E. Main Engine of a Mark 15 Torpedo
The main engine is located entirely within the afterbody, and is supported by A-frames secured to the after side of the turbine bulkhead. It consists of the turbine wheels, gear reduction train, and propeller shafts, along with the frames, spindles, shafts, and bearings that support these parts, and the oiling system that lubricates them. The main engine of a Mark 15 torpedo, viewed from the starboard side, is shown in figure 12E1.
The main engine converts turbine-wheel rotation into propeller rotation. In order to do this effectively, it must have several special features.
Because of the high velocity at which the combustion gases strike the turbines, the turbine wheels must turn at high speed in order to use the available energy efficiently. But, if the propellers are to operate efficiently, they must turn more slowly than the turbine wheels, and develop a higher torque. The main engine must therefore include a gear reduction train.
The torpedo is provided with two propellers, which rotate in opposite directions but at the same speed. This feature is necessary because the torque developed by a single propeller would tend to roll the torpedo in the opposite direction. As previously stated, the two turbine wheels also turn in opposite directions. But it is not possible to drive each propeller with a different turbine wheel, because the first turbine wheel develops a much higher torque than the second. The main engine must therefore combine the two unequal torques developed by the turbine wheels, and then divide this force equally between the two counter-rotating propellers.
Finally, the main engine must continuously lubricate its moving parts throughout the torpedo run.
Figure 12E2 is a schematic diagram of the main engine. This illustration should be compared with figure 12E1, bearing in mind that the two views are from opposite sides. (The side gears are not shown in figure 12E2; they will be described later.)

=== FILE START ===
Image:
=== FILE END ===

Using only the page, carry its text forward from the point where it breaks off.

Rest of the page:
Each of the two turbine wheels is mounted on a separate spindle. The first turbine spindle is short and hollow, and carries the first turbine pinion at its lower end. The second turbine spindle is longer, and passes through the opening in the first spindle. The second turbine pinion is mounted at the bottom of the second turbine spindle.
As they pass through the
nozzles, the hot combustion gases expand and reach a high speed-about 4,000 feet
per second. They strike the blades of the first (lower) turbine wheel, and spin
it counterclockwise (as viewed from the top of the torpedo). The first turbine
turns its spindle, and the first turbine pinion, counterclockwise. The pinion
meshes with the upper main drive gear, and turns it clockwise. The drive gear
turns the upper bevel pinion clockwise.
The combustion gases are deflected from the blades of the first turbine, and strike the blades of the second (upper) turbine. The second turbine spins clockwise (still looking down from the top). The second turbine turns the second turbine spindle, and the second turbine pinion. The second turbine pinion turns the lower main drive gear counterclockwise.
Each of the 2 bevel pinions meshes with both bevel gears. Working together, the 2 pinions turn the 2 bevel gears. The forward bevel gear turns counterclockwise (looking aft from the forward end of the engine). The after bevel gear turns the forward (outer) propeller shaft, which turns the forward propeller. The forward propeller shaft is hollow; the after propeller shaft turns inside it. The forward bevel gear turns the after (inner) propeller shaft, which turns the after propeller. Because the two propeller shafts are linked together through the bevel gears and bevel pinions, they turn in opposite directions at the same speed.
12E4. Turbines and turbine spindles
Figure 12E3 shows the turbine and spindle assembly; the spindle casing is at the left. In both turbines, the blades are of crescent-shaped cross section. On the end of each blade is a small projection to which the turbine band is riveted. The turbine band is made up of overlapping segments. The clearance at the butt ends of the segments gives them room to expand when they get hot. The blades of the second turbine curve in the opposite direction from those of the first turbine. And the blades of the second turbine are slightly larger than those of the first, so that the gases can keep expanding as they pass through the turbine.